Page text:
Supplied as one board, with pieces in a leather or linen pouch, which can be used to play either game.
Fitchneal and Brandubh are two games of the tafl family known from Irish literary references, and associated with the find of a board of 7 x 7 squares recovered from Balinderry bog in 1932, now kept in the National Museum of Ireland.
Reconstructions of the rules of Fitchneal has a starting arrangement of men similar to Hnefatafl, with a king surrounded by eight of his men, and an attacking army of four base camps of four men each. This small board has little room for manouevre and men can move only one square orthogonally at each turn. Otherwise the game follows the standard tafl rules.
Brandubh is played with fewer pieces (eight attackers versus four king's men) and therefore greater room for movement.
The 7 x 7 board is best known from finds in Ireland but has been found in Western Scotland; and tafl on boards of this size is also thought to have been played in Wales.
Quarter-sawn oak board, with wooden pieces, which are supplied in a leather pouch. Comes with rules and historical notes to the full range of tafl games.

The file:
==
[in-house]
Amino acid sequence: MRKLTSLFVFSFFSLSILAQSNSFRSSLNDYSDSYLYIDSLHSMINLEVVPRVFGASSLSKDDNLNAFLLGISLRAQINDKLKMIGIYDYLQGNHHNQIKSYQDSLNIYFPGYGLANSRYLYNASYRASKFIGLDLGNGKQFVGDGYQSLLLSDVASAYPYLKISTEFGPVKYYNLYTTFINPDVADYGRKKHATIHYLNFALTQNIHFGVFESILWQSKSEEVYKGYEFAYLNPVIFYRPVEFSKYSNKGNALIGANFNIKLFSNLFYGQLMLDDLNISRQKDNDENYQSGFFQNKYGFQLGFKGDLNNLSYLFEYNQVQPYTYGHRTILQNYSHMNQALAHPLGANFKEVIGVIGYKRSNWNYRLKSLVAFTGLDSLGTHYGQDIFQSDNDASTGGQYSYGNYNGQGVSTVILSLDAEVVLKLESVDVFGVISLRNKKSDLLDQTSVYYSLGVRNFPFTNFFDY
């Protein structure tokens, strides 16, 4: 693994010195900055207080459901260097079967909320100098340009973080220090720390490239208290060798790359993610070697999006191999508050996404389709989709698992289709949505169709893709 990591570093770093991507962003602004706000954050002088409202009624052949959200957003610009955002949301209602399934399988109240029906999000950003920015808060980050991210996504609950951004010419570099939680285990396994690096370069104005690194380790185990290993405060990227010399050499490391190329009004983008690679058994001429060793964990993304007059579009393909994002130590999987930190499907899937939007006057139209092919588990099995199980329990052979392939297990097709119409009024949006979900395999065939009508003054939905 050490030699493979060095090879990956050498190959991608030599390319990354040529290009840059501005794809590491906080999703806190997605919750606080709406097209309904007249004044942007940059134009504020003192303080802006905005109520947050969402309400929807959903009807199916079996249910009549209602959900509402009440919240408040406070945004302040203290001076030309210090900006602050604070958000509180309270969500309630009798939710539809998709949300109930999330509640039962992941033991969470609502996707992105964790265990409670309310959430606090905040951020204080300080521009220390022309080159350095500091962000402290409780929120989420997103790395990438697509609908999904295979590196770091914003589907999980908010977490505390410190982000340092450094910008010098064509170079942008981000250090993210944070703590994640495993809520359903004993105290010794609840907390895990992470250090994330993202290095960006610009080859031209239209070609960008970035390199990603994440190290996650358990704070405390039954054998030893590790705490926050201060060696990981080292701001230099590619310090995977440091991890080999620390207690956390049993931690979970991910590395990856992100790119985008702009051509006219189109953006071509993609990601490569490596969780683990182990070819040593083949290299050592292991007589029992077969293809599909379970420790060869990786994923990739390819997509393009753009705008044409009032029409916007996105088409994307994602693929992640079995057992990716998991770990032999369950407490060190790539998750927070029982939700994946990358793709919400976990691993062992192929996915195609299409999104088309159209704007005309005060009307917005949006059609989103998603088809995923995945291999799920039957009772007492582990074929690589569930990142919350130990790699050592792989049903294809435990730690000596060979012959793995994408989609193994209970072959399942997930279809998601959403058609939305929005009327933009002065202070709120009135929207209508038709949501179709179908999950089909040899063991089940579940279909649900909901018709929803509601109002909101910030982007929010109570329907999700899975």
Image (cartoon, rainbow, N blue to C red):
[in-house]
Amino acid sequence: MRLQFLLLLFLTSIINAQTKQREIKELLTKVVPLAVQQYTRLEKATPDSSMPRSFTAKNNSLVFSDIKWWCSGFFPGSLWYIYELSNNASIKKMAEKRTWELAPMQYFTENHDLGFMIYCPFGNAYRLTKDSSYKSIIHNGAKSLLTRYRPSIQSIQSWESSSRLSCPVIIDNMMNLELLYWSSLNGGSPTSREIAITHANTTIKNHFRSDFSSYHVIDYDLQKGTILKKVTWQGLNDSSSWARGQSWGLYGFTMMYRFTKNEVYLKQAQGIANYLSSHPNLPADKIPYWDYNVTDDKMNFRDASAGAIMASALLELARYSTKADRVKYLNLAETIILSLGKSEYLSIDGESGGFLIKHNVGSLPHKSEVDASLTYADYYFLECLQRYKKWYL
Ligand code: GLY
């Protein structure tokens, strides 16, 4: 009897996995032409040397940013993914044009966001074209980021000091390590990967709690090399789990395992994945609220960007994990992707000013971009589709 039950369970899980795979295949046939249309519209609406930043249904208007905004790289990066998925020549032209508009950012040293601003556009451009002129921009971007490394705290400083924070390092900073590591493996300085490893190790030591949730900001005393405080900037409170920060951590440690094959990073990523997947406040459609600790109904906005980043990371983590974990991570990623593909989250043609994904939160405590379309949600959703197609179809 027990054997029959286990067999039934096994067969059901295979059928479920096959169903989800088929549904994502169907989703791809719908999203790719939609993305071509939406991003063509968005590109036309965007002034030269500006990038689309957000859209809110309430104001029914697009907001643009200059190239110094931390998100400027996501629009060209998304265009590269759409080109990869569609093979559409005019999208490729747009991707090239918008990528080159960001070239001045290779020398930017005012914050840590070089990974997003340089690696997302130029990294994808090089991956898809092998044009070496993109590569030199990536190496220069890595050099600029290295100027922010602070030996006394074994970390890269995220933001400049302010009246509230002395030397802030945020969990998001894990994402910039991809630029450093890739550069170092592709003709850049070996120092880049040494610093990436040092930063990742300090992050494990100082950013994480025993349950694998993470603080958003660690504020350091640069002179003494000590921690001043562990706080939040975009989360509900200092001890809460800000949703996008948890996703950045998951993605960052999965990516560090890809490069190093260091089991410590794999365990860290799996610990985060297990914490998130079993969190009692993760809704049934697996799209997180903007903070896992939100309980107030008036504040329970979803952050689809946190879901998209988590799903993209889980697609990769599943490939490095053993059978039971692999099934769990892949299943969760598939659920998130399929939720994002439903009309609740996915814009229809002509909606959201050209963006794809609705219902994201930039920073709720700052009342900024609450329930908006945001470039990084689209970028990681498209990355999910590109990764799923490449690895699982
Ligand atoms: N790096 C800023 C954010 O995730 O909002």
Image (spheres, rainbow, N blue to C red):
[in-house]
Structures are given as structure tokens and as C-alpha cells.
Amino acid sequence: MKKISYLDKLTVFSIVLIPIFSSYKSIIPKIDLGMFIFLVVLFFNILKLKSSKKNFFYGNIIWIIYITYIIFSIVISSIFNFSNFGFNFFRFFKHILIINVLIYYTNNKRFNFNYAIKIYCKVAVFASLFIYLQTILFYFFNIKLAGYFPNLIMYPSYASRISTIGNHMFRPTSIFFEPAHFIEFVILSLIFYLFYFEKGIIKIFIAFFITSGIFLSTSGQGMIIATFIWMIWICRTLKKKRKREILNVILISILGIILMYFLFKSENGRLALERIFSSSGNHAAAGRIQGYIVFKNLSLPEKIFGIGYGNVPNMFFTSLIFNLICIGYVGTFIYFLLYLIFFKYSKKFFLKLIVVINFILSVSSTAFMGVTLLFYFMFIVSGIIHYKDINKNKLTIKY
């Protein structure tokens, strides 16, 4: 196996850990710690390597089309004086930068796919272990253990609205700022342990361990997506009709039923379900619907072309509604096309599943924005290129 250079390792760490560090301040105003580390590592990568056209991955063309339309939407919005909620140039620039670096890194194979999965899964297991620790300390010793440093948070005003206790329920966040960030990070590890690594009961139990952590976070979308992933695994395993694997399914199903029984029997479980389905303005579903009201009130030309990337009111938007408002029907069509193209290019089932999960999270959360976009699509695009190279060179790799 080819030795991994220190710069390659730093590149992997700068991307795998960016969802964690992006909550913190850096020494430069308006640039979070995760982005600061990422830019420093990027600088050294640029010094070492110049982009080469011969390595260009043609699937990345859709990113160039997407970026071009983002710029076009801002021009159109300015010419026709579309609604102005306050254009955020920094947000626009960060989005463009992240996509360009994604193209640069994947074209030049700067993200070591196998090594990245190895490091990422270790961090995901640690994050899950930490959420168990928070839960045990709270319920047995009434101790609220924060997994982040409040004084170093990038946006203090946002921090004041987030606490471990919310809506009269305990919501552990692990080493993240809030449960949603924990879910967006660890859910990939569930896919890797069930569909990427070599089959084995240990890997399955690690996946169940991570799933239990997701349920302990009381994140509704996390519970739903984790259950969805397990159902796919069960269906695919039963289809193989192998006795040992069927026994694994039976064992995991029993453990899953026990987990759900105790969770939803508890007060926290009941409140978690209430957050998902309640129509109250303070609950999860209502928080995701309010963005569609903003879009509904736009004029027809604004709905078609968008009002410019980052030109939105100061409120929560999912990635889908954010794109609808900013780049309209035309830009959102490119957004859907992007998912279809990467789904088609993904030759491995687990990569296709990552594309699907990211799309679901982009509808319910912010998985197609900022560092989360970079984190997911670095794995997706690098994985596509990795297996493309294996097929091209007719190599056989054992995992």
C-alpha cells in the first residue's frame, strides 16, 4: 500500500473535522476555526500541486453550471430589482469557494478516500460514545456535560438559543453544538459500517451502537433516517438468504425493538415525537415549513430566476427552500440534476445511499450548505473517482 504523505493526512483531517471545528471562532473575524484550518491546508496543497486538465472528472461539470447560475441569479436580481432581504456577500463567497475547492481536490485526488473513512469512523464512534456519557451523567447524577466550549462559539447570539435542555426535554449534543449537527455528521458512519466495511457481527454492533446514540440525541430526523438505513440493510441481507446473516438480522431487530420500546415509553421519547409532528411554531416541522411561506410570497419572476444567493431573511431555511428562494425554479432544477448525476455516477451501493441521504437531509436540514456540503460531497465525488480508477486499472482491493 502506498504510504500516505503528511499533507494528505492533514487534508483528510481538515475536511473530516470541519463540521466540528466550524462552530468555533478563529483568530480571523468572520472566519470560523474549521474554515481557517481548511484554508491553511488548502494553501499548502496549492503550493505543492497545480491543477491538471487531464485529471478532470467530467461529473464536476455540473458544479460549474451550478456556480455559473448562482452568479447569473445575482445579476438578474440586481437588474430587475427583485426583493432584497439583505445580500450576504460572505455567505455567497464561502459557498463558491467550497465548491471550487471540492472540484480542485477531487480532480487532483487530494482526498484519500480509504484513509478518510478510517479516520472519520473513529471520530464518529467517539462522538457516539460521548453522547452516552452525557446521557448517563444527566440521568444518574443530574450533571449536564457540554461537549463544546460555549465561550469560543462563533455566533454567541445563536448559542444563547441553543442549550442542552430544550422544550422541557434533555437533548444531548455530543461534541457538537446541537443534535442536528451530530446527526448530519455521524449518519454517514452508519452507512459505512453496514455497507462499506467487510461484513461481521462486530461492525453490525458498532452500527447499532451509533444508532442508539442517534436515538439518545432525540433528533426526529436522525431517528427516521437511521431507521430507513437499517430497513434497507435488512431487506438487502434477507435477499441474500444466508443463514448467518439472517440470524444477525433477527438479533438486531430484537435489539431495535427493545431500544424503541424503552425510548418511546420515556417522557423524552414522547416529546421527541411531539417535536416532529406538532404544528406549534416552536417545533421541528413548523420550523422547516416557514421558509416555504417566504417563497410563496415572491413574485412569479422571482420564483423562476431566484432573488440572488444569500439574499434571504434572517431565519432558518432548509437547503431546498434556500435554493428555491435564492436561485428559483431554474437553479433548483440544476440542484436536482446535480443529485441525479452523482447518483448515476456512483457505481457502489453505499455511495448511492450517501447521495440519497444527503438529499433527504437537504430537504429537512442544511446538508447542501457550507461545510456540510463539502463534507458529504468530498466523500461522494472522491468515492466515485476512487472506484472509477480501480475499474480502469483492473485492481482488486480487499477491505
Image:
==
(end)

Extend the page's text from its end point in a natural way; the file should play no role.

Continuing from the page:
Oak board 9" x 9"
Playing pieces of beech wood (1"/25mm diameter)
One king; 8 white pieces; 16 black pieces
White pieces are the natural wood colour; coloured pieces stained
Pieces supplied in a leather or linen pouch (please let us know your preferred choice in the Special Instructions box at the checkout)
Historic Period or Date:
c.9th to 15th century
Materials and Special Features:
Board of 5/8" quarter-sawn oak
Beech wood pieces
Leather or linen pouch
Board: 9" x 9" (c.23 x 23cm); squares 11/8" (c. 28mm) diameter